SINGAPORE Mitsubishi Corp's (8058.T) decision to spend $1.1 billion for one fifth of Olam International (OLAM.SI) is a key vote of confidence that will allow the Singapore agri-trader to exploit M&A opportunities thrown up by the slump in the global commodities market.
The deal will also help Olam, whose accounting practices were attacked in 2012 by short seller Muddy Waters before it was rescued by Singapore state investor Temasek, make greater inroads into Japan while gaining a hand in building businesses in Africa.
Olam's shares shot 9 percent higher on Friday, although the stock, which has a limited free float, remained below the Japanese trading house's purchase price of S$2.75 per share.
Olam is eager to take advantage of depressed valuations in commodities industries and Chief Executive Sunny Verghese told a media and analysts' conference call that it would be doing fewer but more meaning transactions than in the past.
"This gives us dry powder to take advantage of the market situation that has currently emerged," he said.
Olam, one of the world's leading traders in commodities such as coffee, cocoa and rice, said it picked Mitsubishi in a competitive bidding process and the firms would explore strategic partnerships. It declined to provide the names of the other bidders.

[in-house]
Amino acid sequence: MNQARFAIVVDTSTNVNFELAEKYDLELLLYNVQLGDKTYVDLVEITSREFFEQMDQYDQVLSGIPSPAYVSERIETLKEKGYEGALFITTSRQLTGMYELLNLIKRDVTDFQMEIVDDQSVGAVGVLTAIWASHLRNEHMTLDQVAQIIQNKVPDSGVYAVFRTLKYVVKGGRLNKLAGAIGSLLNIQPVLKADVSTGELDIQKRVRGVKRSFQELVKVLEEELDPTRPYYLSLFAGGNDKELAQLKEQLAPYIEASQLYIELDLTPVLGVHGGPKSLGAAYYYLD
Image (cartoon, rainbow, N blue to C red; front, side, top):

Mitsubishi, one of Japan's biggest trading houses, said the tie-up will help combine the group's processing, manufacturing and downstream business experience with Olam's extensive sustainable raw material supply platforms.
LESSONS FOR NOBLE?
Under the deal, which had been flagged by Reuters on Thursday, Mitsubishi will become Olam's second-biggest shareholder after Temasek.
Olam will issue new shares to Mitsubishi, amounting to about 12 percent of its enlarged share capital while the remaining 8 percent will be purchased from KC Group, a company belonging to the Olam's founding family.
Temasek's stake will be diluted to 51.4 percent from 58.4 percent while the KC Group holding will fall to 4.8 percent from 14.6 percent.
The investment comes at a time when fellow commodity trader Noble Group Ltd (NOBG.SI) is starting to see a recovery in its shares after its accounting practices also came under attack this year. Noble's CEO has said the company is open to selling core businesses.
"Commodity traders are under pressure in this current market due to concerns about leverage. The fact that one of the commodity firms has bolstered its balance sheet should be a signal for others to do the same," said Nirgunan Tiruchelvam, an analyst at Religare Capital Markets.
(Additional reporting by Denny Thomas in Hong Kong, Aradhana Aravindan in Singapore, Osamu Tsukimori in Tokyo and Ankur Banerjee in Bengaluru; Editing by Edwina Gibbs)